A moment in Gregory of Tours illustrating canon law textual criticism

Gregory of Tours and Salvius of Albi before Chilperic I

Gregory of Tours and Salvius of Albi before Chilperic I

In his History of the Franks, (written ca. 593/4) 5.18, Gregory (Bishop) of Tours provides a lengthy description and discussion of the trial of Praetextatus, Bishop of Rouen, by King Chilperic who was accusing Praetextatus of colluding with Chilperic’s enemies and selling/giving away some of the king’s goods for his own profit. Eventually, despite Gregory testifying in the trial as to Praetextatus’ innocence, and the worthiness of Praetextatus’ testimony, some of Chilperic’s cronies trick Praetextatus into making a confession that he had colluded with Chilperic’s son Merovech to have Chilperic murdered. Praetextatus’ hope was that he would receive mercy and clemency from the king.

King Chilperic, unfortunately, was operating to please his wife Fredegund. And if a Frankish king or lord is ever doing something nasty because of his wife or mistress in Gregory’s History, he will see it through to the end, even when — as Chilperic does — he secretly admits his opponent’s innocence. Interestingly, the case does not initially begin because of Fredegund but because Chiperic hears that Praetextatus ‘was bribing people to against his [Chilperic’s] interests.’ It is only later that Gregory brings in the Fredegund connection. Later on, after Chilperic’s death, Fredegund and Praetextatus will have a run-in again.

But Gregory’s portrayal of royal women is a discussion for someone else.

The next, after Praetextatus’ admission of guilt, Gregory and the other bishops were sitting around awkwardly, having told Chilperic that they wouldn’t do anything to Praetextatus without the canons of the church (that is, the regulations concerning ecclesiastical discipline). Thus the following:

King Chilperic went home to his lodging. He sent to us a book of the canons, with a newly-copied four-page insert, which contained what appeared to be apostolic canons, including the following words: ‘A bishop convicted of murder, adultery or perjury shall be expelled from his bishopric. -Gregory of Tours, History of the Franks, 5.18, trans. Lewis Thorpe (Penguin Classics)

Praetextatus is accordingly sent into exile and only recalled after Chilperic’s death.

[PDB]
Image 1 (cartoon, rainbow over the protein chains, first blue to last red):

This story about the book of the canons is very intriguing. I like first of all that Gregory says nowhere whether this was a forgery, but he obviously thought so. It’s more than a little suspicious that the sought-after canon is on a ‘newly-copied four-page insert’. And Gregory says that these only appeared to be apostolic canons. He is saying without saying it that Chilperic doctored a manuscript to get the desired results — and he went straight to the source, providing apostolic canons, not ones from a church council or a pope, but the Apostles themselves.

Did Chilperic think the bishops would be deceived, or did he assume they would just give in at this point? Gregory, at least, was not deceived.

What gave Chilperic away was the fact that the quire was newly-copied. It didn’t match. It was not, as a modern person might assume, the fact that the forged text alleges to be from the apostles. This is because there is a text called the Apostolic Canons, and it was included in many canon law books throughout the Middle Ages.

Forgery is a not uncommon phenomenon in canon law. The very Apostolic Canons, or the text known as the Apostolic Constitutions, are forgeries. We have at least one forged letter of Leo the Great. In the mid-ninth century, a group of canonist-forgers known as ‘Pseudo-Isidore’ forged an extensive series of papal letters from the ante-Nicene period.

The Chilperic forgery in Gregory is an egregious example of someone making stuff up simply to get his way. While that tends to lie beneath all forgeries, it is also the case that many medieval people made forgeries in the name of someone who, they believe, would have said what the forgery said … if only they had said it. And I’m fairly sure the Apostles would not have been keen on murderers and adulterers as bishops!

Finally, this story also reminds us of the fragility of the integrity not only of any text, but of compilation-style texts — by which I mean a series of canons, into which any unscrupulous character could slip in a new canon or even silently remove one and renumber it all. But not only canons, but sources such as the Sayings of the Desert Fathers or those trendy Jesus-sayings-sources like the Gospel of Thomas.

The job of the text critic is to engage in textual archaeology and unearth the truth about any potential interpolations and to never take a text claiming apostolic authority at face value. Gregory of Tours seems not have, either.

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